But as above and earlier in the thread, I would be prepared to argue the points in any Court if needbe, if caught in DVLA's Catch 22 gap in the rules they enforce and they try to seek settlement penalties for their own coffers.

Last edited by Tony P; 29 Nov 2011 at 22:20. Reason: Forgot something. It's age!
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  #101  
Old 15 Dec 2011
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Wink

Govt are making a little change to SORN, a little less form filling for those choosing the SORN option whilst out of the country for more than one year

Basically you only have to register the vehicle SORN off the road once, not every year, and only 'un'-Sorn' it and tax it when it goes back on the road if that makes any sense at all

Government slashes motoring red*tape - News - Department for Transport


Government slashes motoring red tape
Publisher: Department for Transport
Published date: 15 December 2011
Type: Press release
Mode/topic: Roads, Legislation
Drivers are to be released from reams of red tape currently required by government, Transport Secretary Justine Greening announced today.

As a result of the Road Transport Red Tape Challenge – the government wide process to get rid of unnecessary, burdensome and overcomplicated regulation - the Department for Transport is:

Scrapping the regulation requiring motorists to hold a paper counterpart to their driving licence by 2015 – saving drivers up to £8m.

Improving the regulation surrounding the notification process for vehicles that are not in use on the road (Statutory Off Road Notification or SORN). Once drivers have notified the DVLA that their vehicle is SORN, they will no longer have the burden of annual SORN renewal.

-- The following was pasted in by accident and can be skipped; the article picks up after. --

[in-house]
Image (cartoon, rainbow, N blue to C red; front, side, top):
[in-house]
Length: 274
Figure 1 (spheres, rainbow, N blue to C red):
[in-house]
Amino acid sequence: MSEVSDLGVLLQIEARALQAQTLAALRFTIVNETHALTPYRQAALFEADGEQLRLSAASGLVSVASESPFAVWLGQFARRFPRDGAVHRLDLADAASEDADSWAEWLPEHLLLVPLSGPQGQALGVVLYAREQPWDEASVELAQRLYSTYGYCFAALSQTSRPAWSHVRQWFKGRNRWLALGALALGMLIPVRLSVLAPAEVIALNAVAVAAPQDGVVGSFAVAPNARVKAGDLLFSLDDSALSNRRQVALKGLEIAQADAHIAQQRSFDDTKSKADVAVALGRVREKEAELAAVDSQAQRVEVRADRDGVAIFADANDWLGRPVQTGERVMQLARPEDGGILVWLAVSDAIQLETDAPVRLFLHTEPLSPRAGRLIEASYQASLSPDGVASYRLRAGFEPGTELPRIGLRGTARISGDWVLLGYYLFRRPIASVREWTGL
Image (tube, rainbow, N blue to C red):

Only issuing hard-copies of V5C vehicle registration certificates for fleet operators when needed, with the potential to be rolled out to private motorists.

Introducing a limited exemption from drivers’ hours rules so that those who also drive as Territorial Army reservists in their own time can continue to do so.

Following a vigorous process of challenge, both by the public and within Whitehall, a total of 142 road transport regulations will now be scrapped or improved.

Removing the need for an insurance certificate. The Department for Transport will work with the insurance industry on removing the need for motorists to have to hold an insurance certificate.

Abolishing the requirement for drivers to prove they have insurance when applying for tax meaning 600000 more people will be able to tax their car online. This has been made possible by new checks of existing databases for insurance under new Continuous Insurance Enforcement rules. The DVLA’s records are compared regularly with the Motor Insurance Database (MID) to identify registered keepers of vehicles that appear to have no insurance.
We will look at experience in other countries on driver Certificates of Professional Competence (CPC) - the qualification for professional bus, coach and lorry drivers. In particular, to see if we could remove the need for some sectors, such as farmers who drive stock to market, from needing a CPC.

Local Authorities will now have to ensure business interests are properly considered as part of any future proposed Workplace Parking Levy scheme. They must show they have properly and effectively consulted local businesses, have addressed any proper concerns raised and secured support from the local business community.

Abolishing the regulations on the treatment of lost property on buses. Bus companies currently have to wait 48 hours before they can throw away perishable items left on the bus.



Glad to hear the bus depot won't have to hold on to Mrs Muggin's bag of pigs trotters for 48 hours now
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  #102  
Old 21 Feb 2012
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What goes around, comes around

This subject matter has cropped up, again, in another thread which contains a further excellent summary of the UK regulations by Tony P.